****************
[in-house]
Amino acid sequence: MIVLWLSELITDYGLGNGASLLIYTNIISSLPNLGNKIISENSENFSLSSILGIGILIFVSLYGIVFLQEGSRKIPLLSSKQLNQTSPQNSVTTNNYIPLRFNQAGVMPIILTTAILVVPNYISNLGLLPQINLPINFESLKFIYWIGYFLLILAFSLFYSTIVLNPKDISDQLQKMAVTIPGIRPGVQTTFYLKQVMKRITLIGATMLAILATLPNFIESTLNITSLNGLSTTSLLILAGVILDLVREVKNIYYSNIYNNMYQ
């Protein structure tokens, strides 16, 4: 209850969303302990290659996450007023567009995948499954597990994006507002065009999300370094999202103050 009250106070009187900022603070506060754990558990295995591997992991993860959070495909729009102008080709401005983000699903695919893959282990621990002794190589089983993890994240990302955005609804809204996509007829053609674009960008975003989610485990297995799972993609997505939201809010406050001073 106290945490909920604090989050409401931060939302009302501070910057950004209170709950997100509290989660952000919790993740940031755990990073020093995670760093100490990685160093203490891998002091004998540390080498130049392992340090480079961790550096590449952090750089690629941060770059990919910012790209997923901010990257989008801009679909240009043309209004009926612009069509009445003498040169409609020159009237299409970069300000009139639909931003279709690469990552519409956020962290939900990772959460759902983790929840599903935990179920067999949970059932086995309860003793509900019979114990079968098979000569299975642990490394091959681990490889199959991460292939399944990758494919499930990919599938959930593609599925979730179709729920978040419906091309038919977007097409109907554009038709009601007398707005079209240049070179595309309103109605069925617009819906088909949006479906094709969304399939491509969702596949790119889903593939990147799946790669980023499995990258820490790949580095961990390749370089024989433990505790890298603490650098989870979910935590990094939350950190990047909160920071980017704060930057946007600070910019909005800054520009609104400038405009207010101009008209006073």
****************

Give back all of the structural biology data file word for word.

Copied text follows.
[in-house]
Amino acid sequence: MIVLWLSELITDYGLGNGASLLIYTNIISSLPNLGNKIISENSENFSLSSILGIGILIFVSLYGIVFLQEGSRKIPLLSSKQLNQTSPQNSVTTNNYIPLRFNQAGVMPIILTTAILVVPNYISNLGLLPQINLPINFESLKFIYWIGYFLLILAFSLFYSTIVLNPKDISDQLQKMAVTIPGIRPGVQTTFYLKQVMKRITLIGATMLAILATLPNFIESTLNITSLNGLSTTSLLILAGVILDLVREVKNIYYSNIYNNMYQ
């Protein structure tokens, strides 16, 4: 209850969303302990290659996450007023567009995948499954597990994006507002065009999300370094999202103050 009250106070009187900022603070506060754990558990295995591997992991993860959070495909729009102008080709401005983000699903695919893959282990621990002794190589089983993890994240990302955005609804809204996509007829053609674009960008975003989610485990297995799972993609997505939201809010406050001073 106290945490909920604090989050409401931060939302009302501070910057950004209170709950997100509290989660952000919790993740940031755990990073020093995670760093100490990685160093203490891998002091004998540390080498130049392992340090480079961790550096590449952090750089690629941060770059990919910012790209997923901010990257989008801009679909240009043309209004009926612009069509009445003498040169409609020159009237299409970069300000009139639909931003279709690469990552519409956020962290939900990772959460759902983790929840599903935990179920067999949970059932086995309860003793509900019979114990079968098979000569299975642990490394091959681990490889199959991460292939399944990758494919499930990919599938959930593609599925979730179709729920978040419906091309038919977007097409109907554009038709009601007398707005079209240049070179595309309103109605069925617009819906088909949006479906094709969304399939491509969702596949790119889903593939990147799946790669980023499995990258820490790949580095961990390749370089024989433990505790890298603490650098989870979910935590990094939350950190990047909160920071980017704060930057946007600070910019909005800054520009609104400038405009207010101009008209006073």